Coronavirus crisis has put venture capital ‘in triage mode’ as startups suffer

In the current environment, some small companies have found it extremely difficult to receive the funding they need, something that Clearbanc — which offers venture capital for startups using artificial intelligence (AI) — says has put venture firms in “triage mode.”

The Toronto-based firm uses data-driven processes to make funding decisions, and set the terms of repayment. Co-founder and president Michele Romanow attributed the reason for the funding slow down to two key tools in the investing process.

“The ability to go in person, and to really share your own story on why you’re the right person to build this business,” are critical components to winning trust — and money, she explained to “On the Move” in an interview on Friday.

“Then by going to see a lot of people in a short period, you can get a bidding war going, which increases your valuation,” she added. With startups having lost the ability to score in-person meetings during the COVID-19 crisis, its put them at a disadvantage.

The worldwide turmoil has added pressure on founders, given that most VC’s are not investing right now, according to Romanow. She noted financial technology deals have hit their lowest in over 3 years.

Venture capitalists are “thinking about triage mode, and how to save certain companies within their portfolio,” she added.

SAN FRANCISCO, CALIFORNIA – OCTOBER 02: Clearbanc Co-Founder & President Michele Romanow speaks onstage during TechCrunch Disrupt San Francisco 2019 at Moscone Convention Center on October 02, 2019 in San Francisco, California. (Photo by Steve Jennings/Getty Images for TechCrunch)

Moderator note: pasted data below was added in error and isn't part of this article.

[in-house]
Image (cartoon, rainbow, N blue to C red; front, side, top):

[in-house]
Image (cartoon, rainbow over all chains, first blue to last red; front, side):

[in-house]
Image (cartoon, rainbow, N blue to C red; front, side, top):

Romanow and her co-founders started Clearbanc in 2015, and to date have invested $1 billion in 2,200 companies in the last year alone. The company’s portfolio spans across the United States, Canada, and the UK.

One of the company’s key focuses is getting funding to those who are traditionally cut out.

“We’ve been able to fund eight times more women than the venture capital industry average, and to founders across, you know, every single state,” Romanow said. According to the executive, 80% of venture dollars typically go to only four states in America: California, New York, Massachusetts, and Texas.

Because of where the world is economically, Romanow says “we’re in 2030, instead of 2020” thanks to booming online commerce. She doesn’t see that slowing down anytime soon.

“Every business today is going to think about building digital first,” she told Yahoo Finance.

“After this has happened, you won’t forget this,” she adds.

McKenzie DeGroot is a producer at Yahoo Finance. Follow her on Twitter: @degrootmckenzie

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